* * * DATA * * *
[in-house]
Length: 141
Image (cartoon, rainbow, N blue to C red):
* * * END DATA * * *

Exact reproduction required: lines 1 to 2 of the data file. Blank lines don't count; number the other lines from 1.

[in-house]
Length: 141